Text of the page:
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Imaging Systems - Scanner Systems, Tri-linear arrays, Multi-shot Area Array Systems

image sensor filters color


Scanner Systems

Tri-linear arrays

Scanner systems were the first systems introduced to professional digital photography that were able to achieve the high number of pixels required for high-end applications. Similar to desktop scanners, these camera systems consist of a linear array sensor and a motor drive. During the capturing of an image, a linear array sensor is moved step-by-step across the entire image area of the camera, thus capturing the image line by line. The sensor is equipped with three lines of pixels, each of which is covered with a red, green, or blue filter, allowing the capture of a color image in a single pass.

The undisputed advantage of a scanning system is the ability to cover a very large image area at a low cost when building the imaging device. The image area covered by a typical scanning system would be comparable to the image area of a 4 × 5-inch film. This makes this technology particularly attractive for studios equipped with 4 × 5-inch view cameras. In this application, this type of sensor allows for use of the same camera for both analog and digital applications. As a consequence of the relatively large pixel pitch of these systems, no special lenses are required.

It is obvious that this technique may only be used for the photography of stationary subjects and is not suited for moving objects. Any movement of the subject or the camera during the capturing process has to be avoided or image recording will not be organized properly. Hence, sturdy studio stands are a must for this technology. Additional disadvantages of scanning systems include the relatively long times required for capturing an image. Special lights are required when using this technology—usually HMI lights that maintain a constant level of brightness during the capturing process. This is to avoid capturing different exposure during the scanning as the sensor travels across the scene. Regular, AC-powered tungsten or halogen light sources change their brightness several times per minute and would therefore cause brighter and darker lines across the image. The additional expense for these types of lights might be a factor and minimize the advantage of the lower cost for scanning camera systems when compared to large-format, area-array systems.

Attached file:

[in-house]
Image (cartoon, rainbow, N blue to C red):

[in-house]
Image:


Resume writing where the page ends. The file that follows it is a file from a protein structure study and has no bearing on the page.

In the early years of digital photography in the high-end advertising studios, scanner systems were very popular and successful. But with the introduction of large-format, area-array devices their importance has decreased.

Multi-shot Area Array Systems

Three-shot/one monochrome area array sensor with RGB filter wheel

Early high-end, digital-color imaging systems were based on a monochrome area array sensor and a filter wheel equipped with red, green, and blue filters. The red, green, and blue channels of the image were captured in a sequence of three shots. This technology was used in the early days of analog photography as well. It may be used with any kind of light source, but it is obvious that color images may only be acquired with stationary subjects. Any kind of movement of the subject or the camera would result in a poor registration of the red, green, and blue channels. Consequently, moving objects can only be captured as grayscale images.

Thanks to the physical separation of the color filters and the imaging sensor, the filters in use can be chosen without major restrictions. Hence, an appropriate set of filters can produce excellent color rendition.

The color filter wheel can be arranged both in front and behind the lens. Both arrangements have inherent advantages and disadvantages. If the filters are in front of the lens, flare and non-image-forming light, as well as the physical dimensions of the filter wheel, is a major concern. If the filters are behind the lens, the requirements for the alignment of the filters and the risk that spots, scratches, and dust may be visible in the image are much higher.

Although this technology was very successful in the beginning of high-end digital imaging, it has more or less disappeared from the range of commercially available products.